Any person who is on the path towards Buddhahood but has not yet attained it / From Wikipedia, the free encyclopedia

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In Buddhism, a bodhisattva (/ˌbdˈsʌtvə/ BOH-dee-SUT-və; (Sanskrit: बोधिसत्त्व, romanized: Bodhisattva) or bodhisatva is a person who is on the path towards bodhi ('awakening') or Buddhahood.[1]

Quick facts: Bodhisattva, Sanskrit, Pāli, Burmese, Chinese...
A relief depicting Avalokiteśvara Bodhisattva in Plaosan temple, 9th century Central Java, Indonesia.
Sanskritबोधिसत्त्व (bodhisattva)
Burmeseဗောဓိသတ် (bɔ́dḭθaʔ)
Chinese菩薩/菩提薩埵, (pinyin: púsà/pútísàduǒ), (Jyutping: pou4 saat3/pou4 tai4 saat3 do3), (Wade–Giles: p'u2-sa4)
Japanese菩薩 (romaji: bosatsu)
Khmerពោធិសត្វ (UNGEGN: poŭthĭsâtv)
Korean보살, 菩薩 (RR: bosal)
Sinhalaබෝධි සත්ත්ව (bodhisatva)
Thaiโพธิสัตว์ (phothisat)
Tibetanབྱང་ཆུབ་སེམས་དཔའ་ (jang chup sem pa)
VietnameseBồ Tát/Bồ Xát
Venerated byTheravāda, Mahāyāna, Vajrayāna, Navayāna
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In the Early Buddhist schools, as well as modern Theravāda Buddhism, bodhisattva (Pāli: bodhisatta) refers to someone who has made a resolution to become a Buddha and has also received a confirmation or prediction from a living Buddha that this will be so.[2]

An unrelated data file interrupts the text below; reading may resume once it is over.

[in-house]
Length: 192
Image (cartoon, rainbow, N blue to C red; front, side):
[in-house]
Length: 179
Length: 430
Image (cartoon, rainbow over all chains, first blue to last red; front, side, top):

In Mahāyāna Buddhism, a bodhisattva refers to anyone who has generated bodhicitta, a spontaneous wish and compassionate mind to attain Buddhahood for the benefit of all sentient beings.[3] Mahayana bodhisattvas are spiritually heroic persons that work to attain awakening and are driven by a great compassion (mahākaruṇā). These beings are exemplified by important spiritual qualities such as the "four divine abodes" (brahmavihāras) of loving-kindness (maitrī), compassion (karuṇā), empathetic joy (muditā) and equanimity (upekṣā), as well as the various bodhisattva "perfections" (pāramitās) which include prajñāpāramitā ("transcendent knowledge" or "perfection of wisdom") and skillful means (upāya).[4][5][6]

In Theravāda Buddhism, the bodhisattva is mainly seen as an exceptional and rare individual. Only a few select individuals are ultimately able to become bodhisattvas, such as Maitreya. Mahāyāna Buddhism generally understands the bodhisattva path as being open to everyone, and Mahāyāna Buddhists encourage all individuals to become bodhisattvas.[7][8] Spiritually advanced bodhisattvas such as Avalokiteshvara, Maitreya, and Manjushri are also widely venerated across the Mahāyāna Buddhist world and are believed to possess great magical power which they employ to help all living beings.[9]